It is applicable for BA, LLB (Hons) and LLM programmes
In a significant move, the National Law School of India University (NLSIU), Bengaluru, for the first time has decided to reserve 25% of its seats to students from Karnataka for the 2021-2022 academic year. The revised notification for admissions states that “candidates who have studied for not less than 10 years in a recognised educational institution in Karnataka shall be eligible to be considered as Karnataka students.”
The reservation is applicable for both their BA, LLB (Hons) programme and LLM programme. The university’s notification further stated that eligible candidates who wished to avail themselves of the reservation must update the information in their CLAT 2021 application against the NLSIU, Bangalore reservation tab.
Candidates have been advised to keep the study certificates issued by their schools ready as they have to be submitted at the time of counselling/admission.
As many as 30 out of 120 seats under the BA, LLB (Hons) programme and 13 out of 50 seats under the LLM programme are reserved for Karnataka students. Separate seats have been marked under this category for students belonging to SC, ST, and general categories.
The issue of 25% reservation for students from the State has not been without controversy. The High Court of Karnataka last year had struck down the National Law School of India (Amendment) Act, 2020, which provided 25% reservation of the total seats at the National Law School of India University (NLSIU) for students from Karnataka. The State government, however, approached the Supreme Court later in this regard.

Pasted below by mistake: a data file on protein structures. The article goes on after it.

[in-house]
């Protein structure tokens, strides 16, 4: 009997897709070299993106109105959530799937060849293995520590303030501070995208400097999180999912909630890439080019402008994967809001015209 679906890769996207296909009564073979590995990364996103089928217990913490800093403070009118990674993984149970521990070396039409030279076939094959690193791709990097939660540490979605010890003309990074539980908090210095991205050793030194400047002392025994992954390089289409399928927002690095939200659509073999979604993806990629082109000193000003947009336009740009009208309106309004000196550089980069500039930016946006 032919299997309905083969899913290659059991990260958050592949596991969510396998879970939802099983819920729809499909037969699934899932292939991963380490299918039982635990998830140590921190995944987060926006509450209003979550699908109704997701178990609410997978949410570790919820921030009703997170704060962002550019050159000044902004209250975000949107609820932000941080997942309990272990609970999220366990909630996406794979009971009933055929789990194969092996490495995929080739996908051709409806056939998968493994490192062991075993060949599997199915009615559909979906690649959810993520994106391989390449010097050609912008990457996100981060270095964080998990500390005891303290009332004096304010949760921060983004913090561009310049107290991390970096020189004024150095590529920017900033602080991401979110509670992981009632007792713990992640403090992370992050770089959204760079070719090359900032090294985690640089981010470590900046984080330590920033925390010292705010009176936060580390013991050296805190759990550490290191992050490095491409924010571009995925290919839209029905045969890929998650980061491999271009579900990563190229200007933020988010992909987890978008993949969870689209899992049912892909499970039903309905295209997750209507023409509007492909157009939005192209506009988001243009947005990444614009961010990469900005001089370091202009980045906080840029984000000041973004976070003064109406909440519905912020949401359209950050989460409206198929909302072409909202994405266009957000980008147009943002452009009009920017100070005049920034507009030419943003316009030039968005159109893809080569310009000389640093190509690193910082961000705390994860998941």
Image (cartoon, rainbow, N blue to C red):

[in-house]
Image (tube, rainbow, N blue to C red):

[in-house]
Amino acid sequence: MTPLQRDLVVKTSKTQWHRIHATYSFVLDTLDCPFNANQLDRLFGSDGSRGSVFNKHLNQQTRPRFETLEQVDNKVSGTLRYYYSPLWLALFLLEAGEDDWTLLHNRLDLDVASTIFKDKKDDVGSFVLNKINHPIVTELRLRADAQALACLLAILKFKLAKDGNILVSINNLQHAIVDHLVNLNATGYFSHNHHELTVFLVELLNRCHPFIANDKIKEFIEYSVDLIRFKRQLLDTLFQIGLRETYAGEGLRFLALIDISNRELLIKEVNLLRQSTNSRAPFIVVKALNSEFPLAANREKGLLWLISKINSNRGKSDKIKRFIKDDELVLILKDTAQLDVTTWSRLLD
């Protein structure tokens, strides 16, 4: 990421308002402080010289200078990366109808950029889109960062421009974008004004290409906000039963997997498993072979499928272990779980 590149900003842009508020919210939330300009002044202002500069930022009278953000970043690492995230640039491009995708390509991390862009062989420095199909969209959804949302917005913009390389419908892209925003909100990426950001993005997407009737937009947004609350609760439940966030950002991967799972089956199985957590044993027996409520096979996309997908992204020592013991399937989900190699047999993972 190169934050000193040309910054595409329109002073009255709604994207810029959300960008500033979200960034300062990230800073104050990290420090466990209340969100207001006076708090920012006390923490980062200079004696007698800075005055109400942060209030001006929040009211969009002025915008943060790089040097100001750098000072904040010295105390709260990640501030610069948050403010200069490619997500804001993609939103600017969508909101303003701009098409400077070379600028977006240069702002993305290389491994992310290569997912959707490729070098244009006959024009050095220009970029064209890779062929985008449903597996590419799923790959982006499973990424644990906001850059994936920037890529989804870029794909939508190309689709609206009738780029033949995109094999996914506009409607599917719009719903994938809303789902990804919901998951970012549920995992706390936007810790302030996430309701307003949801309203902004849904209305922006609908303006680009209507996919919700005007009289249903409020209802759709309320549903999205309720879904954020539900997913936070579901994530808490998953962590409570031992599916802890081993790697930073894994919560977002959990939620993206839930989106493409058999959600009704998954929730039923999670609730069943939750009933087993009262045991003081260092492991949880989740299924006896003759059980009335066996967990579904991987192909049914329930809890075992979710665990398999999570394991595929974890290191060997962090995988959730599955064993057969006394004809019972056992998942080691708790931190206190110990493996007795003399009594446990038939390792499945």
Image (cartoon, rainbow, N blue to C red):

In a press release, the law school stated that the governing bodies of the university had reviewed and adopted the ‘NLSIU Inclusion and Expansion Plan 2021-25’ which aimed to increase diversity by admitting students from marginalised and disadvantaged backgrounds and also expanding the student intake in a phased manner.
While the university currently has 660 students on their on-campus programme, they aim to reach a projected size of 2200 by 2028-2029. In the next four academic years, they also aim to provide 30 % reservation for women and 10 % reservation for economically weaker sections and 27 % for other backward classes.
The university has identified five research clusters that are currently being developed: Law, Technology and Society, Labour and Work, State Capacity and Reform, Justice and Legal System Reform and Climate Justice.
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